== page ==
All of this is cogent and to the point. The collection’s debt to Augustan poetry, however, and specifically to Horace’s Carmina (hereafter Carm.), merits closer and more careful examination than the introduction provides. On this subject the editors send a mixed message: the dust jacket advertises “the first complete cycle of Horatian odes since classical antiquity”, a claim that Robin seems to substantiate when she states that “Filelfo’s Odes thus represent the first work of Latin poetry in the Renaissance to feature all the lyric meters of Horace’s Carmina” (xxi). On the other hand, she does not grant Horace primacy when discussing Filelfo’s classical models, setting the Carmina alongside Virgil’s Aeneid and Ovid’s Amores as “poetic traditions” that Filelfo attempts to “synthesize” (xiv). If anything, in the editor’s mind Virgil’s influence predominates: a glance at the index reveals twenty-six references to Virgil, sixteen to Horace and ten to Ovid. Can a “complete cycle of Horatian odes” really owe more to Virgil than to Horace?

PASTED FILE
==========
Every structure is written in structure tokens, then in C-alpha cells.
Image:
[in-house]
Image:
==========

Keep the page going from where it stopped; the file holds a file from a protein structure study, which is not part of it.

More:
In a word, no. The aforementioned statements mislead in both directions. On the one hand, a determined Horatian might adduce another sixty or so parallels between Filelfo and Horace without pretending to be exhaustive. In some cases Filelfo borrows more or less directly a snippet of Horace’s phrasing—one finds, for instance, regibus … atavis (1.1.39 cf. Carm. 1.1.1), fidibus canoris (1.1.97 cf. Carm. 1.12.11), Atlantis … nepotem (2.1.151-52 cf. Carm. 1.10.1), meditetur ictus (2.3.106 cf. Carm. 3.22.7), sub nocte susurros (5.4.17 cf. Carm. 1.9.19) and rabies Noti (5.4.97 cf. Carm. 1.3.14). More often, however, Filelfo modifies a Horatian commonplace—the profanum vulgus of Carm. 3.1.1 becomes vulgi … procacis (1.1.13), auritas … quercus of Carm. 1.12.11-12 become auritas … cupressos (1.1.133), splendide mendax of Carm. 3.11.35 becomes sponte mendaces (1.6.1), animae dimidium meae of Carm. 1.3.8 becomes vitae … dimidium meae (3.9.9-10) etc. Only a pedant would insist that the editor document every parallel between these two authors, but an accurate and even-handed account of Filelfo’s debt to Horace seems a reasonable expectation in a new edition of a work promoted as “Horatian”.